Armored Fist 3, NovaLogic, Windows 95/98/NT/2000 ($19.95).
Since 1916, the armored tank has been overhauled, redesigned and updated into a computerized monster. More recently, in computer simulations such as NovaLogic’s Armored Fist 3 ($19.95; requires Pentium 233 MMX [PII recommended] with Windows 95/98/NT/2000, 64 MB RAM, quad-speed CD-ROM, a minimum of 115 MB hard drive space; PCI or AGP recommended), software engineers have given computer-literate military historians the opportunity to experience the thrill and the terror of commanding these behemoths in realistic combat situations.
Armored Fist 3, the newest computer simulation from NovaLogic, simulates the use of the most modern incarnation of the tank, the M1A2 Abrams. While previous attempts to model the Abrams have proved less than satisfying, Armored Fist 3 does an excellent job of re-creating all four crew positions of the Abrams as well as the M1A2’s upgraded commander’s independent thermal viewer, inter-vehicular information system and improved commander’s weapon station.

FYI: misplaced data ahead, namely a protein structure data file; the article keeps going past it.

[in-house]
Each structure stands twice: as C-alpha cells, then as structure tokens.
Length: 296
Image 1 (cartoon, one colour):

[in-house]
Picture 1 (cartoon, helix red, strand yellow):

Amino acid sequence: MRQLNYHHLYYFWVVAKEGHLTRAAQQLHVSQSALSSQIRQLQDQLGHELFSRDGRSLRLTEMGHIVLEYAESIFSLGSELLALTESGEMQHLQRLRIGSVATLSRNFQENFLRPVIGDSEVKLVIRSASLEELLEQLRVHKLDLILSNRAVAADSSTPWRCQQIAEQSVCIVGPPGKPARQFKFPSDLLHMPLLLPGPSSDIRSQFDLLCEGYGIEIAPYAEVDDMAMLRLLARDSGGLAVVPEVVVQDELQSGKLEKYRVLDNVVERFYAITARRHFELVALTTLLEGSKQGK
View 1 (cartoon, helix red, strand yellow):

While Armored Fist 3 doesn’t replicate historical battles or campaigns, it does present hypothetically accurate confrontations, such as armored conflict in Somalia, Thailand, Myanmar, Iran, Afghanistan, Pakistan, Azerbaijan and Georgia. Also, it offers a powerful mission editor that can be used to configure recent true-to-life battles.
The simulation also allows users to participate in battles with up to 32 simultaneous users over NovaWorld, NovaLogic’s free on-line gaming service. The software even supports real-time, real-voice communications over the Internet so that virtual commanders can issue orders and coordinate attacks using headsets.
With the sharp report of its M256 120mm Rheinmetall cannon and the resulting explosion of an Iraqi T-72, Armored Fist 3 effectively brings the 70-ton Abrams into the historian’s living room.
David Christopher Baker